Hysterosalpingography, or HSG for short, is an X-ray procedure used to evaluate the status of a woman’s fallopian tubes, the two structures that carry eggs from the ovaries to the uterus. It is also used to make sure that the uterine cavity has a normal shape and size and to identify uterine malformations, adhesions, polyps or fibroids. These types of problems may cause painful menstrual periods or repeated miscarriages.
The HSG procedure, which lasts five to ten minutes, is performed at the clinic. It is scheduled during Days 5 to 9 of a woman’s menstrual cycle (Day 1 is the first day of bleeding), in the window of time between the end of the period and ovulation. Because some menstrual-like cramping is to be expected from an HSG, patients are advised to take 400-800 mg of ibuprofen (Motrin, Advil, or Alleve) an hour prior to the test to help relax the uterus.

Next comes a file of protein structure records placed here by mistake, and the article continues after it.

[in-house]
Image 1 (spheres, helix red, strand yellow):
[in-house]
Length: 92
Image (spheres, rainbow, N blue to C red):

At the time of your HSG, your cervix will be cleaned and a thin, soft catheter will be threaded through the vagina and into the uterine cavity. Contrast dye will be connected to the catheter. Using a machine placed over your abdomen, a radiologist will inject a dye into your uterine cavity and through your fallopian tubes.
The HSG is a very accurate test to document tubal patency. Occasionally the dye used during the procedure pushes through and opens a blocked tube. In other patients, dye does not spill through the fallopian tubes at all. If your tubes are blocked, or if you have a uterine polyp or fibroid, your RMACT physician will review your hysterosalpingogram findings and future treatment with you.
If you experience pain or fever after your HSG, please notify your nurse or physician.
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